It’s so lovely when you find a tableware pattern or color that speaks to you. It’s even more lovely when you find several that you can’t seem to look away from. But, this can also pose a little bit of a problem — how to mix and match these tableware pieces in a way that is beautiful, elegant and purposeful. However, showcasing your own style and flair to the table is a way to connect with your guests — so bring on the expressions!
Anchor Down: While you may want to have a rainbow across your table, starting with an anchor color is best. This color should be seen throughout the table; perhaps it begins with your linens and then accents of the same color are pulled through in your tableware and glassware. Keep in mind, you don’t have to use the same shade of your anchor color through the entirety of your tablescape; in fact, mixing up shades brings a bit of texture and excitement to the table. Using an anchor color will also allow for stacking patterns on top of each other for a more formal dinner party, but will still allow for a cohesive look.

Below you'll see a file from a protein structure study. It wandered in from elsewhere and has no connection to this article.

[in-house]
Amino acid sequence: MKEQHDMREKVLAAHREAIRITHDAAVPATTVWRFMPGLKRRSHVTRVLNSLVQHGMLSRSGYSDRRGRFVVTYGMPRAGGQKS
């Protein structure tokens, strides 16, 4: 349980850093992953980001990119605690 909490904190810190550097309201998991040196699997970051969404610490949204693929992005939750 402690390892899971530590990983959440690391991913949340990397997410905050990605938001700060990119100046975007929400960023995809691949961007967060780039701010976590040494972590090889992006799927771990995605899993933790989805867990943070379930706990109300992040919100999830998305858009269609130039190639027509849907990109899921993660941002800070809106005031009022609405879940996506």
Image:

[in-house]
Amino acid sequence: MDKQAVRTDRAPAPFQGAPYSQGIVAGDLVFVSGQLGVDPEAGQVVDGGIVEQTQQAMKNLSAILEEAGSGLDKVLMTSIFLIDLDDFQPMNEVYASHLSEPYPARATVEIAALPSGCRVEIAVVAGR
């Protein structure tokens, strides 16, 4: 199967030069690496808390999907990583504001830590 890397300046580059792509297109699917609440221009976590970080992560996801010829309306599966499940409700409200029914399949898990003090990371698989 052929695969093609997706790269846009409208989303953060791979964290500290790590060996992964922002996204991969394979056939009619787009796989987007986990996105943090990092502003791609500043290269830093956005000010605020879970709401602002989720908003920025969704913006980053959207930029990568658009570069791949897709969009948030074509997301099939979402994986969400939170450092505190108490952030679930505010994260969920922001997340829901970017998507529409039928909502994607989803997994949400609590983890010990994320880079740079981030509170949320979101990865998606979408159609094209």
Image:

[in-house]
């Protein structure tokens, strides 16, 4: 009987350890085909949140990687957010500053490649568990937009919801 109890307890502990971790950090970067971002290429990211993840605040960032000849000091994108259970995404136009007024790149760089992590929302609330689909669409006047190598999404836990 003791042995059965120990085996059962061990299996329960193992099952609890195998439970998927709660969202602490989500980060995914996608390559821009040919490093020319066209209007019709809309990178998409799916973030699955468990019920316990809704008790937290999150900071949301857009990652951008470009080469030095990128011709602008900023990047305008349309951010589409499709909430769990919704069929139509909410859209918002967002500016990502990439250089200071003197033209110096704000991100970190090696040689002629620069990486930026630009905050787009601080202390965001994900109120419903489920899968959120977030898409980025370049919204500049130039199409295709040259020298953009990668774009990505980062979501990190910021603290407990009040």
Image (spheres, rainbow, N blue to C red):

Go Neutral: If you’re using an intricate pattern or a variety of colors, adding in a neutral keeps it from looking too busy and more uniform. Use neutral table linens in the same anchor color to allow a patterned plate to pop; use a neutral plate in between a patterned charger and salad plate; or choose neutral glassware instead of colored or patterned for the occasion. Or, choose a neutrally colored centerpiece, whether floral, candles or fruit. This will ensure the visual impact is strong, but will not take away from the playful patterns and colors you want to show off.
Time matters: Having a daytime event? Mixing and matching patterns that are bright and light (like mosaics and bright florals) is the perfect vibe. In the evening, however, it’s a bit more mood-driven, bringing a more alluring atmosphere to the dining room. Darker, less complicated patterns (large florals or jewel tones are lovely options) are perfect for a nighttime dinner party. Use a hint of metallic in glassware or flatware if hosting a very formal affair.